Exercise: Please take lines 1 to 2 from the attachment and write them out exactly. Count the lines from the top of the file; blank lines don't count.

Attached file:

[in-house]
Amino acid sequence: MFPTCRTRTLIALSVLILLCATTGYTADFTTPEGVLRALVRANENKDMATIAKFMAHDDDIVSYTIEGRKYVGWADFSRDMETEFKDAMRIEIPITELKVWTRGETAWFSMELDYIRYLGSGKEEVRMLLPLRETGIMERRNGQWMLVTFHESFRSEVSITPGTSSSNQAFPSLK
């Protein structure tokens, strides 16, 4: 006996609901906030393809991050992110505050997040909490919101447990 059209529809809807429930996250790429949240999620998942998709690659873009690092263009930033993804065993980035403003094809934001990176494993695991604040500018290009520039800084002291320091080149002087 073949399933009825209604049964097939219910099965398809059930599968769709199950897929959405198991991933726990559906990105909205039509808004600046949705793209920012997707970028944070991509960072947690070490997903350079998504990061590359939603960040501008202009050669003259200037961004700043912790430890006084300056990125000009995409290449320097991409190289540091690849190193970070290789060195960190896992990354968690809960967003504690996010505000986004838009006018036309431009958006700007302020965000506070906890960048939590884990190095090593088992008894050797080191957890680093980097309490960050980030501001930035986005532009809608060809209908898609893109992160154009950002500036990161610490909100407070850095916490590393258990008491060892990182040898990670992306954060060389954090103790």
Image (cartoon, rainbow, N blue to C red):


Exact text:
[in-house]
Amino acid sequence: MFPTCRTRTLIALSVLILLCATTGYTADFTTPEGVLRALVRANENKDMATIAKFMAHDDDIVSYTIEGRKYVGWADFSRDMETEFKDAMRIEIPITELKVWTRGETAWFSMELDYIRYLGSGKEEVRMLLPLRETGIMERRNGQWMLVTFHESFRSEVSITPGTSSSNQAFPSLK